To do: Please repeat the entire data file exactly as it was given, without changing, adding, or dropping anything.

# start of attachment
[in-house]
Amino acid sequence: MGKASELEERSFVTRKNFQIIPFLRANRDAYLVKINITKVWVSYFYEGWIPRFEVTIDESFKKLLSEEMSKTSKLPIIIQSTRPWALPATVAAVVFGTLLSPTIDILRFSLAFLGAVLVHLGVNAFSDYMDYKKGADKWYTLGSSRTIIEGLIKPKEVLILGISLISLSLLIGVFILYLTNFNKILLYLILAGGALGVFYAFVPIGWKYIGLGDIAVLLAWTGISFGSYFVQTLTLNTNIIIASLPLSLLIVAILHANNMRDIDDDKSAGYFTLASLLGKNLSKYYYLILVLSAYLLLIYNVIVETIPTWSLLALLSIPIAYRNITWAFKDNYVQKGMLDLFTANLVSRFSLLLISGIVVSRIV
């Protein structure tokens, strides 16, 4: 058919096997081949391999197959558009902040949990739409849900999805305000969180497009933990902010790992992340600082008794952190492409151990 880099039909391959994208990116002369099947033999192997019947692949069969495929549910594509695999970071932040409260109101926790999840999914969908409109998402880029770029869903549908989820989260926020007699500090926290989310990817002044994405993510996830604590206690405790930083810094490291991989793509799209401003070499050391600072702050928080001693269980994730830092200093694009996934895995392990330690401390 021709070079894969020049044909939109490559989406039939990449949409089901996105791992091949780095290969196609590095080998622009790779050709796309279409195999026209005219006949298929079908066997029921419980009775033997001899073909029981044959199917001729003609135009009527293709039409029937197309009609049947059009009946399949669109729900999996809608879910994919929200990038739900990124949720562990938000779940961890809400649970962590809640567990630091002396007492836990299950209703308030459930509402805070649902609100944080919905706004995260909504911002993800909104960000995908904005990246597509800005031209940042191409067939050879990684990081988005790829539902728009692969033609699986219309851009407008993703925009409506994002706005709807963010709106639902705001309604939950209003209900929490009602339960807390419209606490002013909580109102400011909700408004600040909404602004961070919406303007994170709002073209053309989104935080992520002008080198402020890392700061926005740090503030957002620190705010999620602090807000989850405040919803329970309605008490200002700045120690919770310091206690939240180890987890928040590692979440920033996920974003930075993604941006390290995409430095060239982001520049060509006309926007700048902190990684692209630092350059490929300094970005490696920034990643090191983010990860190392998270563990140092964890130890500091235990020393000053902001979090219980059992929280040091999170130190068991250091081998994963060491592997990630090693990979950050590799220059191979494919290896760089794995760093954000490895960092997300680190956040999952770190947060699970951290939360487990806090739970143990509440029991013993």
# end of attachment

[in-house]
Amino acid sequence: MGKASELEERSFVTRKNFQIIPFLRANRDAYLVKINITKVWVSYFYEGWIPRFEVTIDESFKKLLSEEMSKTSKLPIIIQSTRPWALPATVAAVVFGTLLSPTIDILRFSLAFLGAVLVHLGVNAFSDYMDYKKGADKWYTLGSSRTIIEGLIKPKEVLILGISLISLSLLIGVFILYLTNFNKILLYLILAGGALGVFYAFVPIGWKYIGLGDIAVLLAWTGISFGSYFVQTLTLNTNIIIASLPLSLLIVAILHANNMRDIDDDKSAGYFTLASLLGKNLSKYYYLILVLSAYLLLIYNVIVETIPTWSLLALLSIPIAYRNITWAFKDNYVQKGMLDLFTANLVSRFSLLLISGIVVSRIV
């Protein structure tokens, strides 16, 4: 058919096997081949391999197959558009902040949990739409849900999805305000969180497009933990902010790992992340600082008794952190492409151990 880099039909391959994208990116002369099947033999192997019947692949069969495929549910594509695999970071932040409260109101926790999840999914969908409109998402880029770029869903549908989820989260926020007699500090926290989310990817002044994405993510996830604590206690405790930083810094490291991989793509799209401003070499050391600072702050928080001693269980994730830092200093694009996934895995392990330690401390 021709070079894969020049044909939109490559989406039939990449949409089901996105791992091949780095290969196609590095080998622009790779050709796309279409195999026209005219006949298929079908066997029921419980009775033997001899073909029981044959199917001729003609135009009527293709039409029937197309009609049947059009009946399949669109729900999996809608879910994919929200990038739900990124949720562990938000779940961890809400649970962590809640567990630091002396007492836990299950209703308030459930509402805070649902609100944080919905706004995260909504911002993800909104960000995908904005990246597509800005031209940042191409067939050879990684990081988005790829539902728009692969033609699986219309851009407008993703925009409506994002706005709807963010709106639902705001309604939950209003209900929490009602339960807390419209606490002013909580109102400011909700408004600040909404602004961070919406303007994170709002073209053309989104935080992520002008080198402020890392700061926005740090503030957002620190705010999620602090807000989850405040919803329970309605008490200002700045120690919770310091206690939240180890987890928040590692979440920033996920974003930075993604941006390290995409430095060239982001520049060509006309926007700048902190990684692209630092350059490929300094970005490696920034990643090191983010990860190392998270563990140092964890130890500091235990020393000053902001979090219980059992929280040091999170130190068991250091081998994963060491592997990630090693990979950050590799220059191979494919290896760089794995760093954000490895960092997300680190956040999952770190947060699970951290939360487990806090739970143990509440029991013993």